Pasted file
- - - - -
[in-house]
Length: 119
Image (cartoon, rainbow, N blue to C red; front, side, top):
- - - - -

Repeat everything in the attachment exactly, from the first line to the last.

[in-house]
Length: 119
Image (cartoon, rainbow, N blue to C red; front, side, top):